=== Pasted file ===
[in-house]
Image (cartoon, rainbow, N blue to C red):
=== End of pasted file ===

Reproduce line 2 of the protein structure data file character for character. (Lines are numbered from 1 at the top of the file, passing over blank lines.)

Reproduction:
Image (cartoon, rainbow, N blue to C red):